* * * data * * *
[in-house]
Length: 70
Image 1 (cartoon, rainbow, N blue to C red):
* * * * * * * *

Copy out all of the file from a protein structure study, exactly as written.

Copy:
[in-house]
Length: 70
Image 1 (cartoon, rainbow, N blue to C red):